Rosetti insisted that the International Football Association code Board (IFAB) provides for “clear evidence” of the error to justify VAR intervention. In the last days there were cases “limit” in the English Premier League, in which the technology annulled by a few millimeters a goal to the Portuguese Pedro Neto in Liverpool-Wolverhampton and to the English Jack Grealish in the Burnley-Aston Villa.Also on Saturday there was a similar case in the 3-0 win of Real Madrid in the Getafe field, with a French goal Raphael Varane who was validated after VAR control to determine a New position very fair. “The VAR is noticeable especially when it is not available. It is non-negotiable, it does justice, but it should not alter the spirit and fluidity of the game. The VAR controls everything that refers to the four planned cases: goals, penalties, red cards and identity errors. Silent control is something ordinary that should not be noticed. It lasts 16 seconds and does not interfere in the match. The important error is usually noticed in about 27 seconds, “Rosetti explained.“If the interruptions are very long, with ten or fifteen repetitions and four or five different cameras, it means that it is not a clear and obvious error, but a subjective interpretation of the referee that the VAR should not correct, “he concluded. The Italian Roberto Rosetti, president of the UEFA Referees Committee stressed that the VAR should not change the decision of the collegiate in cases of gameplay by a matter of few centimeters, in which “several minutes” are necessary to determine The effective position of a player. “We want the VAR to intervene only when the images show a clear error, not to re-arbitrate the matches. If not, the decision made in the field is better, “Rosetti said in an interview published this Saturday by the Italian newspaper”La Gazzetta dello Sport“.“Any part of the body, except the arms, closer to the goal than the ball and the last defender is out of play. Theoretically, one millimeter is enough. But if to decide if there is an offside of a few centimeters it takes several minutes to position the lines and there is a real difficulty in determining if it is out of play, always it is better not to change the decision made in the field, “he added.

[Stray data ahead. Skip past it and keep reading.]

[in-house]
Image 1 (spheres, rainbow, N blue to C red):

AVIATION: Torrance-linked firm will build power units for new line of A350 wide-body planes. By Donna Borak THE ASSOCIATED PRESS Honeywell International Inc., which has operations in Torrance, said Wednesday it will provide the major mechanical systems for Airbus’ new long-range, wide-body A350 aircraft. Both Goodrich Corp. and a division of United Technologies Corp., Hamilton Sundstrand, say they will be competing for future work on the aircraft. Charlotte, N.C.-based Goodrich is providing Airbus with a structure to cover the engine and a system to decelerate the aircraft during landing for all three of the A350’s passenger planes. The deal is expected to generate $10 billion over the next 20 years, the company said. The A350XWB family is Airbus’ plan for a series of efficient, medium-capacity, long-range wide-body aircraft. With a range of up to 9,569 miles, it is available in three basic passenger versions: the A350-800 accommodating 270 passengers, the A350-900 seating 314, and the A350-1000 for 350 passengers. Total firm orders and commitments for the A350XWB stand at 254 aircraft, including 154 firm orders and 100 commitments. The Airbus aircraft is scheduled to hit the market about five years after rival Boeing Co.’s new midsize, long-haul 787 jetliner. To date, Boeing has received 706 orders for the 787. The plane is sold out through late 2013. Business writer Muhammed El-Hasan contributed to this article.160Want local news?Sign up for the Localist and stay informed Something went wrong. Please try again.subscribeCongratulations! You’re all set! The contract is expected to generate more than $16 billion in revenue over 20 to 25 years. Honeywell said the contract is the largest systems and equipment package Airbus has awarded to date on this program. As part of the deal, Honeywell will design and build an auxiliary power unit and other equipment that supply pneumatic and electric power for the aircraft while on the ground or in-flight. The company also will build systems to manage all of the air used on the aircraft for environmental control, including cabin heating, cooling and pressurization. Airbus has yet to announce deals for its avionics and cockpit controls for the redesigned A350, which has traditionally been a strong area for Honeywell, JPMorgan securities analyst C. Stephen Tusa said in a note to clients. Honeywell spokesman Bill Reavis said it is too early to say whether the work will mean more jobs in the South Bay. Honeywell Aerospace employs 1,112 workers in Torrance, where it makes products that control the environment on planes and cool aircraft machinery.